Convinced that promoters don’t have enough skin in the game when it comes to loan recasts, banks have decided to ask them for higher contributions.
In the new scheme of things, promoters of companies seeking easier repayment terms through a corporate debt restructuring (CDR) package will have to fork out 25% of the diminution in the fair value of the restructured account and not 15% as they do now. Moreover, they will have to pledge 100% of their shares and furnish unconditional personal guarantees. These are the decisions of the core group of the CDR cell, which comprises chairmen and managing directors (CMDs) of top public sector banks and CEOs of private lenders.
In all, 17 new norms have been finalised, making recasts more stringent, including those for sanction of additional working capital, in which case the promoter must bring in 10-25% of the amount.
The norms come ahead of RBI’s rules on recast, which will be based on the Mahapatra Committee’s recommendations and are expected next month. The central bank’s rules will be applicable to both bilateral and CDR cell recasts. The panel, among other things, wants promoters to make a bigger sacrifice — of around 15% of the fall in fair value or 2% of the restructured amount, whichever is higher.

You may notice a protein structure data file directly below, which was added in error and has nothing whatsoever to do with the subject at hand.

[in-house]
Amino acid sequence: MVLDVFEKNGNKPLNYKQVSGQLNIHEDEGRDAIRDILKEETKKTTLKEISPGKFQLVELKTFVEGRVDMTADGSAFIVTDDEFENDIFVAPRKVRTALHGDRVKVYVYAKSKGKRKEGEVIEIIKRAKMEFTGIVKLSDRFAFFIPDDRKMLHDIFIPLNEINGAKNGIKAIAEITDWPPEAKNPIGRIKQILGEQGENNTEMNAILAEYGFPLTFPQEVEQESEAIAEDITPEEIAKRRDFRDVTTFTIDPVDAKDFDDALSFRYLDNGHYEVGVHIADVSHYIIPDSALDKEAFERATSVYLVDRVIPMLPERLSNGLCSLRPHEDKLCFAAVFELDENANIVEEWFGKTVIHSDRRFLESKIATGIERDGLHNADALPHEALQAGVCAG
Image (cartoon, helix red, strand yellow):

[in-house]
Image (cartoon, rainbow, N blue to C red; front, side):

The RBI group also feels that any conversion of loans into preference shares should be done only as a last resort. Besides, this conversion of loan into preference shares must be capped at around 10%, it feels. The committee also wants banks to reclassify restructured loans as non-performing assets after two years, besides making promoter guarantees mandatory.
Promoters of companies in trouble due to the tough environment, rather than mismanagement, were earlier exempted from giving personal guarantees. However, bankers are now talking tough and are unlikely to convert loans into optionally convertible cumulative preference shares, except under exceptional circumstances.
The CDR core group has also decided that the lead banker be given the authority to appoint new directors to the boards of stressed companies, if necessary.
Bankers will also be more strict about companies achieving financial targets after a restructuring exercise. Henceforth, the concessional